Unlike traveling leisurely, working abroad typically requires a contractual commitment. Overseas professionals don’t measure their stay in a country in terms of long-weekends or vacation leaves, but by the length of their work permit. It conditions us to think ahead, to constantly re-think our priorities and consider several factors.
The “What’s next?” is not that simple when you’re working overseas. It can refer to the next job, the next country you want to live in, or whether it’s time to go back home.
I’ve been living in Singapore for 2 years, with more than 1 employer under my belt. So I’ve picked up a couple of things about the paper work and discernment process involved when transitioning in-between jobs or job-hunting overseas. This is what I learned:
Your right to live in a foreign country is tied to your work permit.
It’s like a race against time, whether you decide to continue working in the country and need to find a new job, or to pack up your belongings and go.
Once your employee contract is terminated, so is your work permit. If you’re in Singapore this gives you 30 days to legally stay in the country or else you have to do a ‘visa run’ by crossing the border and re-entering as a tourist.
Save to sustain your life overseas
When we’re young our instinct is to spend now and save later for when we’re older. But working overseas forces us to change that mindset. We need to save to sustain our life abroad; especially with a volatile job market or when we’re in-between jobs with no idea where the next pay check will come from.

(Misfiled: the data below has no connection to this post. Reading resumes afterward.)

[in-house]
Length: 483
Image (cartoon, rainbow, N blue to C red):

Expats and foreign workers don’t live with their parents so rent becomes the biggest leech, especially in Singapore, which was recently dubbed the most expensive city in the world. You should also save so that you can travel guiltlessly before you start your next venture.
Where is the pension?
As a twenty-something, a pension fund is the last thing on my mind. It’s another piece of paper work in a government system that I don’t fully understand. While Singaporeans have CPF my dad recently pointed out to me that working abroad doesn’t automatically add to my SSS or Social Security System retirement fund. So it’s worth trying to understand the legal jargon that we might have taken for granted if we stayed at home.
Perhaps the most difficult part of working abroad is discerning whether to stay, when to leave or to go back home. I have faced this crossroads more than once in the last 2 years. My choice was always to work abroad for the opportunity to be shaped by the world. There is no right or wrong, only trial and error in discovering what’s next.